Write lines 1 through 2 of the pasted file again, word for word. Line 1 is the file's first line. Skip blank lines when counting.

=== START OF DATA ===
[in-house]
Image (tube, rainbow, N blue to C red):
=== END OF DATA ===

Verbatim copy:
[in-house]
Image (tube, rainbow, N blue to C red):